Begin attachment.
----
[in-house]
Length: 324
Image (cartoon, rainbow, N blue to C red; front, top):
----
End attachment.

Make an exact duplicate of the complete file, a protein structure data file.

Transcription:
[in-house]
Length: 324
Image (cartoon, rainbow, N blue to C red; front, top):